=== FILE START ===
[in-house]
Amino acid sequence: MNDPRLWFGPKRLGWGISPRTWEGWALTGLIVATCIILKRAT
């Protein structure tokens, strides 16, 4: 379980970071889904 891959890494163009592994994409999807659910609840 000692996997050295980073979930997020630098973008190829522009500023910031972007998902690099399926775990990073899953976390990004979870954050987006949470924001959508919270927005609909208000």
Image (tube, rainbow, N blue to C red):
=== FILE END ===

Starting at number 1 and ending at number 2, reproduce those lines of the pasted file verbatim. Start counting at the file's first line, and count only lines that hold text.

[in-house]
Amino acid sequence: MNDPRLWFGPKRLGWGISPRTWEGWALTGLIVATCIILKRAT